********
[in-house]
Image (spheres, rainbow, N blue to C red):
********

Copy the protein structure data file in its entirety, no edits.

[in-house]
Image (spheres, rainbow, N blue to C red):